Crafting inclusive recruiting emails: a short guide

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By The Fetcher Team

Crafting inclusive recruiting emails: a short guide

7 mins read

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Building a diverse workforce starts with implementing inclusive hiring practices.

Making job descriptions more inclusive is an important first step. However, as many companies turn to sourcing passive candidates who may not have seen a job listing yet, it’s important to demonstrate that you value diversity in your email outreach too. Cold outreach emails can introduce passive candidates to your company for the first time. Nurture emails keep your candidates engaged during the hiring process and beyond.

From the subject line to your Call To Action, there are many ways to enhance outreach and nurture emails. Making sure your emails are inclusive is an additional way to increase your success rate with candidates.

The Reality of Bias & Discrimination in Hiring

It’s easy to assume the best of your organization and that bias doesn’t impact your recruiting. Unfortunately, unfair recruiting is all too common and negatively impacts candidates from underrepresented backgrounds. The stats are hard to ignore: 30-50% of candidates with minority-identifiable names receive fewer callbacks and offers and Harvard Business School revealed that candidates who “Whiten” their resume are twice as likely to be called in for interviews than those who don’t. Establishing inclusive and equitable hiring practices is the law, and it's the right thing to do. When it comes to emails, inclusivity is directly tied to the language you use.

Crafting Inclusive Outreach and Nurture Emails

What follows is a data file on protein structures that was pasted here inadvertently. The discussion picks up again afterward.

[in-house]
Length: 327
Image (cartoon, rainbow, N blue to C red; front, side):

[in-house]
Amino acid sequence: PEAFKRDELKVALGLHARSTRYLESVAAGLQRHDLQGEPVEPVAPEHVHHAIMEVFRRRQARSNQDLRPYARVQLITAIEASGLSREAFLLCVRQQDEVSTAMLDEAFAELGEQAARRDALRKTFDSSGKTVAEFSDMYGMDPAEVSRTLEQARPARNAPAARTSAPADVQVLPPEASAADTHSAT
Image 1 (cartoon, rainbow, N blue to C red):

Before composing your email campaigns, make sure you really know who you are reaching out to. This is important for all candidates, not only those from underrepresented backgrounds, opinions, and experiences.

Avoid language that will alienate certain candidates.

Industry jargon and acronyms will dissuade individuals that don’t have expertise in the subject. The candidate you’re reaching out to might have transferable skills and might not understand the jargon initially, but will pick it up on the job.

Remember that your candidates won’t all be native English speakers.

Idioms, regional language, and slang terms can be confusing and lead to miscommunications. Instead of, “we need a social media manager who will stay ahead of the curve,” consider being more literal, “we need a social media manager who knows all the latest trends.”

Don’t make assumptions or generalizations about a candidate’s identity.

Someone’s racial group, sexual orientation, or gender only need to be referenced if relevant, and even then, make sure they are only referenced if you are 100% positive about how they identify. For instance, if you are inviting a female engineering candidate to a Women in STEM networking event, referencing gender would be appropriate. Using “Hey Girl!” as a greeting for a recruiting email might seem sound hip, but is inappropriate and unprofessional.